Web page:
In conclusion, this study has explored the comprehensive utilization of TEG in patients with colorectal cancer. TEG parameters exhibit only moderate diagnostic value in distinguishing CRC and predicting advanced-stage tumors but are not significantly superior to traditional laboratory tests. Given the close association of TEG parameters with disease progression and surgical intervention, TEG may still hold potential as a prognostic marker for CRC patients.

Availability of data and materials

Data supporting the findings of this study are available from the corresponding author upon reasonable request.


  1. Chen W, Zheng R, Baade PD, et al. Cancer statistics in China, 2015. CA Cancer J Clin. 2016;66(2):115–32.

    Article  PubMed  Google Scholar 

  2. Virdee PS, Marian IR, Mansouri A, et al. The full blood count blood test for colorectal cancer detection: a systematic review, meta-analysis, and critical appraisal. Cancers (Basel). 2020;12(9):2348.

    Article  CAS  PubMed  Google Scholar 

  3. Kashuk JL, Moore EE, Sabel A, et al. Rapid thrombelastography (r-TEG) identifies hypercoagulability and predicts thromboembolic events in surgical patients. Surgery. 2009;146(4):764–72; discussion 72-4.

    Article  PubMed  Google Scholar 

  4. Walsh M, Moore EE, Moore H, et al. Use of viscoelastography in malignancy-associated coagulopathy and thrombosis: a review. Semin Thromb Hemost. 2019;45(4):354–72.

    Article  PubMed  PubMed Central  Google Scholar 

  5. Whiting D, DiNardo JA. TEG and ROTEM: technology and clinical applications. Am J Hematol. 2014;89(2):228–32.

    Article  CAS  PubMed  Google Scholar 

  6. Unruh M, Reyes J, Helmer SD, et al. An evaluation of blood product utilization rates with massive transfusion protocol: before and after thromboelastography (TEG) use in trauma. Am J Surg. 2019;218(6):1175–80.

    Article  PubMed  Google Scholar 

  7. Zhou W, Zhou W, Bai J, et al. TEG in the monitoring of coagulation changes in patients with sepsis and the clinical significance. Exp Ther Med. 2019;17(5):3373–82.

    Article  CAS  PubMed  PubMed Central  Google Scholar 

  8. Seeßle J, Löhr J, Kirchner M, et al. Assessment of rotational thrombelastometry (ROTEM) parameters in hepatocellular carcinoma. Thromb Res. 2020;195:55–7.

    Article  CAS  PubMed  Google Scholar 

  9. Davies NA, Harrison NK, Sabra A, et al. Application of ROTEM to assess hypercoagulability in patients with lung cancer. Thromb Res. 2015;135(6):1075–80.

    Article  CAS  PubMed  Google Scholar 

  10. Moore HB, Paniccia A, Lawson PJ, et al. Utility of viscoelastic assays beyond coagulation: can preoperative thrombelastography indices predict tumor histology, nodal disease, and resectability in patients undergoing pancreatectomy? J Am Coll Surg. 2018;227(1):55–62.

    Article  PubMed  PubMed Central  Google Scholar 

  11. Wang Z, Li J, Cao Q, et al. Comparison between thromboelastography and conventional coagulation tests in surgical patients with localized prostate cancer. Clin Appl Thromb Hemost. 2018;24(5):755–63.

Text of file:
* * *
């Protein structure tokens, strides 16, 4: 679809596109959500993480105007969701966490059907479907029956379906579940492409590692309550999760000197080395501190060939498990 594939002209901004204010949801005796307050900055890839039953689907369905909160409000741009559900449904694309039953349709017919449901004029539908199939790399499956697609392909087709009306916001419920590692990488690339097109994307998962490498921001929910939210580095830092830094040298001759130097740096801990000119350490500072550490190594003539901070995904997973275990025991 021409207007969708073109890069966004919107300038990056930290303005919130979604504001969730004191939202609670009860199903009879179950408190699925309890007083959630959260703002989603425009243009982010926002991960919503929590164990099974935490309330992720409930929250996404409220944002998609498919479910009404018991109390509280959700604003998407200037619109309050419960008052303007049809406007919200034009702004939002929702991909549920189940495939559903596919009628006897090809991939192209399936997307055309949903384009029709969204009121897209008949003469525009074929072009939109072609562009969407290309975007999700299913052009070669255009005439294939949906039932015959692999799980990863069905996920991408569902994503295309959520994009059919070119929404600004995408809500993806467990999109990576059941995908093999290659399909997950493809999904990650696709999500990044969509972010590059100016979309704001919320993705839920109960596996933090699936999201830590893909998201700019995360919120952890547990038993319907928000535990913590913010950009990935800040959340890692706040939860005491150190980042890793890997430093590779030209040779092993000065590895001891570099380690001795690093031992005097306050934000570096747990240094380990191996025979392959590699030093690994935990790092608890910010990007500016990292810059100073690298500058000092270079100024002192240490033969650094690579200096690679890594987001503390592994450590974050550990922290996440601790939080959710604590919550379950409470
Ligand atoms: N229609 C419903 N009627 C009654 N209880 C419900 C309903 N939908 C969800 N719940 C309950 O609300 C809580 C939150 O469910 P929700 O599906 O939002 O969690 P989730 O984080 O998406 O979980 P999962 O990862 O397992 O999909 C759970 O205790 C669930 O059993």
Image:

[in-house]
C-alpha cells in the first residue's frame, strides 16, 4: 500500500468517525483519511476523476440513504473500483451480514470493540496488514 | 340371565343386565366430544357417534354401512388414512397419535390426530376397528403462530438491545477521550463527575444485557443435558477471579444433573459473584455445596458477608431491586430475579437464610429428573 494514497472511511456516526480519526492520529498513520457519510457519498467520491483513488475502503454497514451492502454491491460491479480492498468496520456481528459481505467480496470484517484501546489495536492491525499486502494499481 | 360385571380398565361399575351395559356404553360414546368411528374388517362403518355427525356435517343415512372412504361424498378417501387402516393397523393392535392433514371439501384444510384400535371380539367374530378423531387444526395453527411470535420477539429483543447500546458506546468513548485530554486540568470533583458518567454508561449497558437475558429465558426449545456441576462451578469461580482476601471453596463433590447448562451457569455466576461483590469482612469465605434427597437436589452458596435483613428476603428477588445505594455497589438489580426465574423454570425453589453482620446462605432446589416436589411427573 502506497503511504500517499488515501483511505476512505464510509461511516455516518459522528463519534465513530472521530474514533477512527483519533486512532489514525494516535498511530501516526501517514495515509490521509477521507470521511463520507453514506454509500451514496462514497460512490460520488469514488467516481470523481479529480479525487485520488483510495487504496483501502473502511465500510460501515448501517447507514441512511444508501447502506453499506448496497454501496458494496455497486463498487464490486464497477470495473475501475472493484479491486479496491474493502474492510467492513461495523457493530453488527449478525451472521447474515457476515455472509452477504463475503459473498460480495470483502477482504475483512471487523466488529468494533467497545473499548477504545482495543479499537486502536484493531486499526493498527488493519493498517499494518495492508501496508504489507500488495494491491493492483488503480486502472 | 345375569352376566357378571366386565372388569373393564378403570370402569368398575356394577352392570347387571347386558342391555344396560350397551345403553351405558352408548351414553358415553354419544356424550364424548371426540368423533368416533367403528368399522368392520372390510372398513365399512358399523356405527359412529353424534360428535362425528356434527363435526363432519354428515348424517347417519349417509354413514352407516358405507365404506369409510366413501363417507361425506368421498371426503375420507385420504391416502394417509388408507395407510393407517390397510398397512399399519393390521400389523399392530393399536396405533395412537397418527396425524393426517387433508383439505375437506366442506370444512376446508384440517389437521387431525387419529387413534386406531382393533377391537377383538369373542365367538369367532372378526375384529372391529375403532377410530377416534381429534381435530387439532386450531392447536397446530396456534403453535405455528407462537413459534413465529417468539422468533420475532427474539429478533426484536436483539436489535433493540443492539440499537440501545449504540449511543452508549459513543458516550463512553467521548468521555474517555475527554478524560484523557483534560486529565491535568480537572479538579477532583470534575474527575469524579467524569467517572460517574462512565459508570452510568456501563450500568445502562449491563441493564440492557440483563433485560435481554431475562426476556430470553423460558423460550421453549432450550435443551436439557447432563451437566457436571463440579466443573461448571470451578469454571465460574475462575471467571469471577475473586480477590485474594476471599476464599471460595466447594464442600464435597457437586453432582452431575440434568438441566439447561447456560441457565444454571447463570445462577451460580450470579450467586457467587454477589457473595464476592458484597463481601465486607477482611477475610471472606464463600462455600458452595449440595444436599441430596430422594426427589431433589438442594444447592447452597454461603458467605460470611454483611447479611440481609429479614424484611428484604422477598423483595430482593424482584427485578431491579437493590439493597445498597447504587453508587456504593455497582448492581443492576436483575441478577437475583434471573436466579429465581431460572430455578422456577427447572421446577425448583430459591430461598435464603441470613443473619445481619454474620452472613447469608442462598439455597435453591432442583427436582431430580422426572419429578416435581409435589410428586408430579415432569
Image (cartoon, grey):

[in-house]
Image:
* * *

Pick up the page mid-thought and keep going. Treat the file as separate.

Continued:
Article  PubMed  Google Scholar 

  12. Wang X, Shi A, Huang J, Chen Y, et al. Assessment of hypercoagulability using thromboelastography predicts advanced status in renal cell carcinoma. J Clin Lab Anal. 2020;34(1): e23017.

    Article  PubMed  Google Scholar 

  13. Lu S, Kang R, Wang Y, et al. Altered TEG parameters identify hypercoagulablilty and are of diagnosis value for papillary thyroid carcinoma patients. Exp Clin Endocrinol Diabetes. 2020;128(5):297–302.

    Article  CAS  PubMed  Google Scholar 

  14. Zhou Y, Guo Y, Cui Q, et al. Application of thromboelastography to predict lung cancer stage. Technol Cancer Res Treat. 2020;19:1533033820952351.

    Article  CAS  PubMed  PubMed Central  Google Scholar 

  15. Edge SB, Compton CC. The American Joint Committee on Cancer: the 7th edition of the AJCC cancer staging manual and the future of TNM. Ann Surg Oncol. 2010;17(6):1471–4.

    Article  PubMed  Google Scholar 

  16. Hu B, Zhang L, Zhao ZS, et al. The predictive value of thromboelastography (TEG) parameters in vascular complications in patients with type 2 diabetes mellitus. J Diabetes Complications. 2022;36(8):108236.

    Article  PubMed  Google Scholar 

  17. Maslow A, Cheves T, Joyce MF, et al. Interaction between platelet and fibrinogen on clot strength in healthy patients. J Cardiothorac Vasc Anesth. 2023;37(6):942–7.

    Article  CAS  PubMed  Google Scholar 

  18. Moik F, Ay C. Hemostasis and cancer: impact of haemostatic biomarkers for the prediction of clinical outcomes in patients with cancer. J Thromb Haemost. 2022;20(12):2733–45.

    Article  CAS  PubMed  PubMed Central  Google Scholar 

  19. Adams GN, Rosenfeldt L, Frederick M, et al. Colon cancer growth and dissemination relies upon thrombin, stromal PAR-1, and fibrinogen. Cancer Res. 2015;75(19):4235–43.

    Article  CAS  PubMed  PubMed Central  Google Scholar 

  20. Ruf W, Yokota N, Schaffner F. Tissue factor in cancer progression and angiogenesis. Thromb Res. 2010;125 Suppl 2(02):S36-8.